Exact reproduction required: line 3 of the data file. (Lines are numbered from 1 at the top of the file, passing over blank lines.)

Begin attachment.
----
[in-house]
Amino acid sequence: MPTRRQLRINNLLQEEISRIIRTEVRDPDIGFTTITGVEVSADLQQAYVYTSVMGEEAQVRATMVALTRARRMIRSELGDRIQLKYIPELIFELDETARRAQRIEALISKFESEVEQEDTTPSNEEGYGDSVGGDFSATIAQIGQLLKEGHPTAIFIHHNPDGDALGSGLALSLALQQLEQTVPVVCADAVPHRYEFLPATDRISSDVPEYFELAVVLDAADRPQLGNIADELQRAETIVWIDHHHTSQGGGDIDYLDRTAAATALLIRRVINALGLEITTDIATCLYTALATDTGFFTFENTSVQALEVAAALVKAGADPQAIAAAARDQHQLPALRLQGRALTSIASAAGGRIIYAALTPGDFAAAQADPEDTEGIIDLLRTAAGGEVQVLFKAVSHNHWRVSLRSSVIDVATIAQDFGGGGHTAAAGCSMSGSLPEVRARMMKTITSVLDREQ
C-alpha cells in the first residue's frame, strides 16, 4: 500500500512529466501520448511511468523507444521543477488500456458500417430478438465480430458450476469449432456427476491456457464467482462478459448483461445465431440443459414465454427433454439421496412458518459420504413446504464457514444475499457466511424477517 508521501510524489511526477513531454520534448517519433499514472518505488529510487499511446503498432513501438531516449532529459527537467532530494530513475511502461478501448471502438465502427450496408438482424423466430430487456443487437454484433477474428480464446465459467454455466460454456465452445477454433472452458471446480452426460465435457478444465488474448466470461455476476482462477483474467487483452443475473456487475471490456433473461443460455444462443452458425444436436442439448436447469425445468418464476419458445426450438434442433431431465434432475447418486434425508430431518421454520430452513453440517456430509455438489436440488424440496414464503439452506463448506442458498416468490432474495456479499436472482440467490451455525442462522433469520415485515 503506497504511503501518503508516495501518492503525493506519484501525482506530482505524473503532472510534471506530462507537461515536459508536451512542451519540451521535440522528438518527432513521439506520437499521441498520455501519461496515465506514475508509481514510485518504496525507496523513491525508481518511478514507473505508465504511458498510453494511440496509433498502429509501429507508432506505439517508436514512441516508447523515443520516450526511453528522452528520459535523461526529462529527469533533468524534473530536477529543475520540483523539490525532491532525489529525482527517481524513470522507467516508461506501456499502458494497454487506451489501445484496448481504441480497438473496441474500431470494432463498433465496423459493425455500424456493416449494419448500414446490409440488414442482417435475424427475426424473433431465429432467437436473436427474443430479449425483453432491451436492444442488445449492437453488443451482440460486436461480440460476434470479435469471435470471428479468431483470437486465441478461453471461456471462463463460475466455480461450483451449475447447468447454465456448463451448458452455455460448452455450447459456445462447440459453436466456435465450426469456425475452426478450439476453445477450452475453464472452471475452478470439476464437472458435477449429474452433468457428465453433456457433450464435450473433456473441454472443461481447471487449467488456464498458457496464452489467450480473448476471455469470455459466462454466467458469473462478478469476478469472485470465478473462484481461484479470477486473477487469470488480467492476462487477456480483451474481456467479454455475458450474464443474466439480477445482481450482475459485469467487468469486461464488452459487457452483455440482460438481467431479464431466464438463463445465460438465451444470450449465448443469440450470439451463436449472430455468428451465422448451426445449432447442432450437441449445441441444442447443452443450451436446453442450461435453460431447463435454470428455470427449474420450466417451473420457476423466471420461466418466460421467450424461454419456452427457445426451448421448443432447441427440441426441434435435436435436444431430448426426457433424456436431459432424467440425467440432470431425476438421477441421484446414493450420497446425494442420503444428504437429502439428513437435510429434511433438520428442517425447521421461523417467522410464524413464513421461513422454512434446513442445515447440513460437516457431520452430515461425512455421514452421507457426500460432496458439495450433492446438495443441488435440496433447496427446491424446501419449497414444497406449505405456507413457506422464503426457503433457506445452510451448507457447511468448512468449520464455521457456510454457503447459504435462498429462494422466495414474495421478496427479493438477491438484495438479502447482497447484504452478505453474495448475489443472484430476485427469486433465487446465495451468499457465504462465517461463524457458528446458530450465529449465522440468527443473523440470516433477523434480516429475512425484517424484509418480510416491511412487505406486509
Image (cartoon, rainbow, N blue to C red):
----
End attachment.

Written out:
C-alpha cells in the first residue's frame, strides 16, 4: 500500500512529466501520448511511468523507444521543477488500456458500417430478438465480430458450476469449432456427476491456457464467482462478459448483461445465431440443459414465454427433454439421496412458518459420504413446504464457514444475499457466511424477517 508521501510524489511526477513531454520534448517519433499514472518505488529510487499511446503498432513501438531516449532529459527537467532530494530513475511502461478501448471502438465502427450496408438482424423466430430487456443487437454484433477474428480464446465459467454455466460454456465452445477454433472452458471446480452426460465435457478444465488474448466470461455476476482462477483474467487483452443475473456487475471490456433473461443460455444462443452458425444436436442439448436447469425445468418464476419458445426450438434442433431431465434432475447418486434425508430431518421454520430452513453440517456430509455438489436440488424440496414464503439452506463448506442458498416468490432474495456479499436472482440467490451455525442462522433469520415485515 503506497504511503501518503508516495501518492503525493506519484501525482506530482505524473503532472510534471506530462507537461515536459508536451512542451519540451521535440522528438518527432513521439506520437499521441498520455501519461496515465506514475508509481514510485518504496525507496523513491525508481518511478514507473505508465504511458498510453494511440496509433498502429509501429507508432506505439517508436514512441516508447523515443520516450526511453528522452528520459535523461526529462529527469533533468524534473530536477529543475520540483523539490525532491532525489529525482527517481524513470522507467516508461506501456499502458494497454487506451489501445484496448481504441480497438473496441474500431470494432463498433465496423459493425455500424456493416449494419448500414446490409440488414442482417435475424427475426424473433431465429432467437436473436427474443430479449425483453432491451436492444442488445449492437453488443451482440460486436461480440460476434470479435469471435470471428479468431483470437486465441478461453471461456471462463463460475466455480461450483451449475447447468447454465456448463451448458452455455460448452455450447459456445462447440459453436466456435465450426469456425475452426478450439476453445477450452475453464472452471475452478470439476464437472458435477449429474452433468457428465453433456457433450464435450473433456473441454472443461481447471487449467488456464498458457496464452489467450480473448476471455469470455459466462454466467458469473462478478469476478469472485470465478473462484481461484479470477486473477487469470488480467492476462487477456480483451474481456467479454455475458450474464443474466439480477445482481450482475459485469467487468469486461464488452459487457452483455440482460438481467431479464431466464438463463445465460438465451444470450449465448443469440450470439451463436449472430455468428451465422448451426445449432447442432450437441449445441441444442447443452443450451436446453442450461435453460431447463435454470428455470427449474420450466417451473420457476423466471420461466418466460421467450424461454419456452427457445426451448421448443432447441427440441426441434435435436435436444431430448426426457433424456436431459432424467440425467440432470431425476438421477441421484446414493450420497446425494442420503444428504437429502439428513437435510429434511433438520428442517425447521421461523417467522410464524413464513421461513422454512434446513442445515447440513460437516457431520452430515461425512455421514452421507457426500460432496458439495450433492446438495443441488435440496433447496427446491424446501419449497414444497406449505405456507413457506422464503426457503433457506445452510451448507457447511468448512468449520464455521457456510454457503447459504435462498429462494422466495414474495421478496427479493438477491438484495438479502447482497447484504452478505453474495448475489443472484430476485427469486433465487446465495451468499457465504462465517461463524457458528446458530450465529449465522440468527443473523440470516433477523434480516429475512425484517424484509418480510416491511412487505406486509